Victims of Online Fraud Avoid Smaller Online Merchants
By David A. Utter
While ecommerce is booming with online sales showing year over year increases and projections for continued growth, the downside of that comes in the form of more costly fraud activity affecting internet sellers.
The LexisNexis True Cost of Fraud Study found merchants overall are paying $2.79 in costs for each dollar lost to fraud. That's up by ten cents from 2012, and LexisNexis said this is attributed to a spike in online fraud.
Such fraud against online merchants has been even more costly. The study found online channel frauds cost sellers $3.10 in costs for every dollar lost to fraud. LexisNexis said fraud increased 36 percent through the online channel to merchants.
eBay's payment processing arm PayPal did see a favorable comment in the report. LexisNexis cited an executive at a mid-sized card-issuing financial institution said that although they see some PayPal fraud, they haven't seen anything that would be considered "a coordinated scheme to exploit a weakness in the PayPal ecosystem."
The report noted a dramatic drop in fraudulent transactions attributable to alternative payment methods in 2012, which it believes was in great part due to actions taken by a " temporarily-more-cautious" PayPal in the wake of a 2011 data breach. "Since PayPal is the most prevalent alternative payment method (accepted by 60% of merchants, compared to only 8% for Google Checkout, and 9% for all other alternative payments methods), it is not implausible that security precautions taken by the company and its users would affect trends in the entire alternative payments market."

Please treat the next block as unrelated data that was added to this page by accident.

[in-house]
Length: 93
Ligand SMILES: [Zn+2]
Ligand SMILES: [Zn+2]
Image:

But, the report noted, companies accepting alternative payment methods reported that the share of fraudulent transactions involving this payment method in 2013 rebounded to nearly their 2010 levels.
Medium-size merchants, those doing between $1 million and $50 million in sales, seem to be favorites of online fraud. While all merchants saw an increase in such fraud, medium-sized businesses experienced the greatest percentage of fraudulent online transactions.
Ecommerce sites run the risk of people avoiding certain merchants if they have been victims of fraud. LexisNexis found nearly one out of three consumers will do this. "This is especially true for smaller online merchants, as 50% of fraud victims that avoid certain merchants as a result of being defrauded will specifically avoid patronizing these businesses in the future."
With millions of Americans subjected to identity fraud on an annual basis, the study recommended presenting a reassurance of strong security to reassure potential customers.
The study also cautioned that, as brick and mortar retailers become more resistant to fraud, such behavior will increasingly move online. Extra physical measures like chip-and-pin cards conforming to the EMV (Europay MasterCard Visa) standard will make it harder for criminals to use stolen credit card details.
About the author:
David A. Utter is a freelance writer based in Lexington, KY. He has covered technology topics from search to security to online business and has been quoted in places like ZDNet and BusinessWeek. He considers his appearance on NPR's "All Things Considered" with long-time host Robert Siegel a delightful highlight. Send your tips to firstname.lastname@example.org and find him on Twitter @davidautter and on LinkedIn.
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